Feedburner Moving Feeds Over to Google.com

A few months ago I switched my Feedburner account over to Google in order to try out their AdSense for feeds program (not on the WP Hacks feed, but only on a few sites I run that convert well with AdSense).  At the time, doing so was strictly voluntary.  According to a few reports I’ve been reading around the blogosphere the past couple days, it looks like everyone who hasn’t already moved their feeds to Google will be prompted to do so in the very near future.

Is this a good thing?  I suppose there are some advantages to having your feeds on your Google account.   So far the only problem I’ve run into since making the switch to Google’s Feedburner is the Feedcount WordPress plugin I was using, which no longer works with the new setup.  I went in and hacked the plugin code a bit to try to get it work, but it still wasn’t working with the new setup.

Anyone else having any problems since switching your Feedburner account to Google?

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  • Code: Displaying Your WordPress Feedburner Count

    You’ve probably noticed that with our last redesign of this site, we switched from displaying the Feedburner widget to instead displaying our actual Feedburner feed count.

    Back in May of 2008 I wrote about the FeedCount plugin, which is a WordPress plugin which allows you to easily display your WordPress feed count to your readers.  Basically you just activate the feedcount option in your Feedburner feed and activate the Awareness API, then upload and activate the Feedcount WordPress plugin, and then enter your feed information into the dashboard option panel and you are done.

    If you’d prefer to instead build the code directly into your WordPress theme, Joost De Valk of Yoast.com recently published a great post providing the code you need to show off your Feedburner count. The code is incredibly easy to integrate into your theme and also includes caching so you won’t overload the Feedburner API.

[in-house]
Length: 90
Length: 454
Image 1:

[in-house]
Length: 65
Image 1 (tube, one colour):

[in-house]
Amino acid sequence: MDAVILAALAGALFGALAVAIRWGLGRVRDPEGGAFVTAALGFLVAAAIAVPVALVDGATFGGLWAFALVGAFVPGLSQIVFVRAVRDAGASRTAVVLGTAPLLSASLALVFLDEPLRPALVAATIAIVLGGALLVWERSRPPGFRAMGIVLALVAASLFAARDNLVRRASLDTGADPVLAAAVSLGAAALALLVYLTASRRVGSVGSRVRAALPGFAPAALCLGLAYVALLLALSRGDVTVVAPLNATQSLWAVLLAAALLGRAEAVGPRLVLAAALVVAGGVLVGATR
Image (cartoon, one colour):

When Should You Display Your Feedburner Count?

    This is a question that doesn’t really have a correct answer, but I’ve always found it interesting to hear others thoughts on this topic.  I personally have always felt a good round number is 500 and I’ve had several people tell me that when they are considering subscribing to a feed, 500 is the number that they look for as a mark of a good blogger.   500+ subscribers generally shows that people like your content.

    Do you look at a blog’s feed count before subscribing to a feed?

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  • Display Your Feedburner Subscribers With The FeedCount WordPress Plugin

    It has become quite the blogging trend lately to display your Feedburner subscribers. Some may think it is an ego thing, but really I think most people do this as a strategy to attract new subscribers. I know many people that auto-subscribe to any blog they stumble upon that has 500+ subscribers, so this is often a very good strategy for a blogger than has already built up a following. On the other hand, if you have less than 200 subscribers, it is probably best not to display the chicklet until you have reached the 200 subscriber benchmark. Otherwise it could have the opposite effect on your blog where people don’t subscribe due to your smaller following.

    If you are someone that likes to display your subscriber count on your WordPress blog, but you don’t want to use the Feedburner chicklet, WordPress now has a plugin available called FeedCount. This plugin allows you to display your Feedburner count and style it to look they way you want it to look via CSS. Here is a sample of how the plugin can look with the right styling to blend into your theme:

    I personally like the Feedburner chicklet just fine, and it is nice and compact, but I have to admit I’ve seen some very nice designs using this plugin.

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